As the seventh round rolled around, I already had 12 calls on Jorge, four on Dogins and only two on The Truth. When the last pick went off the board, I had 14 teams aggressively going after Jorge. A matter of fact, someone from the Vikings was talking directly to Jorge and never called my office to speak with me. He would not let Jorge off the line. He simply refused to hang up until Jorge was on board and even offered him a signing bonus. Jorge finally got off the phone and called me discuss the calls. He told me that he felt strongly about the Vikings, who had also called him on Friday and Saturday. At one point in our conversation, Jorge said, “I’m going to have a tough time saying no to the Vikings.”
I quickly put Jorge on hold as my three-line phone was lighting up. My assistant had Rustin Webster on the line. Webster was the Bucs scout who took the time to work out The Truth in Kingsville when nobody else would. I agreed to send Karl there for a modest signing bonus. I had my assistant call the only other team, Dallas, and tell them Karl was done.
Back to Jorge. It was about 20 minutes after the draft, and my phone was still lighting up like a Christmas tree. Jorge told me his phone wouldn’t stop ringing and he just wanted to “get this over with.” I told Jorge to relax, that we were going to take a deep breath and sort through the all the proposals. I told him, “If the teams are really interested in you as they say, they won’t go away. If they’re just looking for a camp guy, they’ll move on to the next guy on their list.” In the meantime, my assistant was taking messages every minute, mostly for Jorge. Many were repeat call, including Kirk Ferentz.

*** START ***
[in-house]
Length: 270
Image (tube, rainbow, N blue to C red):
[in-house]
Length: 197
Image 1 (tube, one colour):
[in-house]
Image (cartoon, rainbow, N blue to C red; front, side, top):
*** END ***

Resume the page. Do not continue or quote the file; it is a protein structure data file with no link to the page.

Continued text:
I called Kirk back and asked him if he was willing to wait on Jorge while I sorted through his opportunities, narrowed it down to three and helped another client. He said he would wait as long as he had to. I told him he was one of the three.
The Cowboys were calling on the other line. They wanted the other two Kingsville players, Dogins and Diaz. I told them no way on Diaz as they had All-Pro guards and some depth. Maybe Dogins, although I thought they drafted a center in the third. Call you back, Dallas. Next, Jerry Angelo from Tampa Bay gave me a sales pitch on why all the guys should go there.
“We’re very shaky at our guard positions, and one of our starters will be a free agent next year,” he said. “We also have no back-up centers.” I pulled the trigger on Dogins. Done deal in Tampa. My assistant called back the other three teams to tell them Dogins was done.